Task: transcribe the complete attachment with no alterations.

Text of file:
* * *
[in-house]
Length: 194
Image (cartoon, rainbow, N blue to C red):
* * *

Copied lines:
[in-house]
Length: 194
Image (cartoon, rainbow, N blue to C red):